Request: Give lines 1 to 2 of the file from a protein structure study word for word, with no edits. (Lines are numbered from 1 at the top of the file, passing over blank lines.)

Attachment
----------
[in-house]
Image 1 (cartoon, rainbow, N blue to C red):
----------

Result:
[in-house]
Image 1 (cartoon, rainbow, N blue to C red):